If you choose to itemize deductions, you must add up your deductible expenses to determine the total size of your deduction. You should only itemize if the total amount of your itemized deductions is more than the standard deduction amount.

A deductible expense is an expense that you can subtract from your taxable income if you choose to itemize. A non-deductible expense, on the other hand, does not change your taxable income. Examples of deductible expenses include home mortgage interest, medical expenses, and charitable donations. Most expenses, such as food or rent, are non-deductible.

Payroll Deductions

Keep in mind that tax deductions are different from payroll deductions.

A payroll deduction is an amount of money withheld from an employee’s payroll check. Payroll deductions may be mandatory or voluntary.

Mandatory payroll deductions are required by law. Mandatory deductions INCLUDE federal, state and local income tax, and Social Security and Medicare taxes.

Voluntary payroll deductions are the ones the employee can choose and control. Voluntary deductions cannot be withheld from an employee’s payroll check unless the employee agrees to the deduction. Some examples of voluntary payroll deductions include health, life, and disability insurance, retirement account contributions, and other job-related expenses.

Payroll deductions decrease your take-home pay. Take-home pay is the net amount of income you receive, or the amount of money you actually get to keep. It is your income minus all of your deductions.

Many payroll deductions reduce your taxable income, but some do not. If you are unsure whether or not your payroll deductions are taxable, contact your HR department.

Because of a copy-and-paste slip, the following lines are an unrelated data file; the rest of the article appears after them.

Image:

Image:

Other Common Deductions

Wage garnishment is a mandatory, involuntary payroll deduction that is usually a result of a court order. It allows the plaintiff to deduct money from the defendant’s salary to pay off a debt owed to the plaintiff.

Child care is an example of a voluntary deduction you can make in your payroll. For example, a company might offer you the option of using payroll deductions to create a Dependent Care Flexible Spending Account. Through this account, the IRS allows parents to contribute up to $5,000 tax-free per year to childcare accounts for expenses on dependents.

Union dues are fees that employees pay to obtain membership in a union. Companies may offer employees a voluntary payroll deduction to cover these fees.

Charitable contributions are another form of voluntary payroll deduction. Employees may elect to donate the allotted income to charitable causes, such as the Red Cross or Habitat for Humanity.

Commuter benefits are often offered by employers as a voluntary payroll deduction to reduce parking and public transportation commuting costs. This way, the employee’s commuting costs are taken out of their paycheck and are not taxed.

Tax Rates

Once you have determined your deductible expenses, you are ready to find your tax rate.

A tax rate is the percentage at which an individual or company is taxed. For example, if Emily earns $120,000 per year and pays 20% of that in taxes, the tax rate is 20%.

A tax bracket is a range of incomes which are taxed at a certain income tax rate. For example, in 2018, income from $38,701 to $82,500 was taxed at 22%. The differences in the percentages between different tax brackets are called marginal increments.

The U.S. has different tax brackets because we use a progressive tax system. A progressive tax system means that the tax rate increases with every new tax bracket. The first bracket $0 to $9,525 is taxed at 10%, while the last bracket $500,001 or more is taxed at 37%. Therefore, in a progressive tax system, your marginal tax rate will always be larger than your effective tax rate (an average of all the tax rates you’ve been taxed at).